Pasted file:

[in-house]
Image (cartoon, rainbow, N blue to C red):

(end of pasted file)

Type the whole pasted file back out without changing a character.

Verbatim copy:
[in-house]
Image (cartoon, rainbow, N blue to C red):